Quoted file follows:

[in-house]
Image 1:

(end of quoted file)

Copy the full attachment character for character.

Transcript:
[in-house]
Image 1: